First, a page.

“Gentleman’s Agreement” Classic Film Review: 5 out of 5 Stars
By Holly Woodland
In light of a recent derogatory comment by a White House official questioning the bravery of the well-decorated Prime Minister of Israel and an ongoing rise of anti-Semitism by some of the “higher ups” in this country, it brought to mind the 1947 film classic, Gentleman’s Agreement starring Gregory Peck.
Winning three Academy Awards including Best Picture and based on a novel by Laura Z. Hobson, the film was considered controversial in its time. Directed by Elia Kazan (winning best director), the film begins as widowed journalist Philip Green (Peck) and his young son (Dean Stockwell) and mother (Anne Revere) move to New York City. Wanting to find a new angle in which to write an article on anti-Semitism, Green (Peck), along with his publisher, who are both gentiles, decide Green (Peck) should assume a Jewish identity, “Philip Greenberg”.
As we follow “Philip Greenberg” in his role as a Jewish man, he and his family encounter several incidents of bigotry and discrimination of Jews. His son is the target of bullies in school. His ailing mothers doctor suggests not consulting a Jewish specialist, till the doctor realizes the mother is Jewish and leaves her care. Kathy (Dorothy McGuire), Green’s fiancé, who knows of the article, becomes increasingly uncomfortable having to overcome discrimination within her own family. The crux of the storyline follows Kathy (McGuire) with her liberal ideology realizing her own discrimination as well. At one point she explains to the son not to be concerned with being called names, since he is not really a Jew (not that the name calling he has endured is wrong in and of itself) and although offended at derogatory comments made at a dinner party regarding Jews, she remains silent. John Garfield (in the role of Dave Goldman) delivers a compelling performance as a Jewish man and a childhood friend of Green’s (Peck) who is supportive yet very concerned for his friend, revealing the anti-Semitism he has endured. The scene with Dave (Garfeild) and Kathy (McGuire) as he explains to her that remaining silent is the same as condoning the prejudice, delivers its message still today. The charming and poignant performance of Celeste Holm as Anne Dettrey received an Academy Award as best supporting actress.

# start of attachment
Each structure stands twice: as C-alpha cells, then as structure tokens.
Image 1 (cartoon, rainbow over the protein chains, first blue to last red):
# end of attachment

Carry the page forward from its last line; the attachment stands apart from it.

Gentleman’s Agreement brings to life the anti-Semitism of its time, however I find it relevant today as well. It might serve those at the White House and those “higher ups” to watch or revisit this classic film (in between their cries of racism and the “war on women”).